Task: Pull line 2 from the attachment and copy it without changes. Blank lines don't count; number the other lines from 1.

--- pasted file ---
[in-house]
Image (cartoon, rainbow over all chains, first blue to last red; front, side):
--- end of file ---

Image (cartoon, rainbow over all chains, first blue to last red; front, side):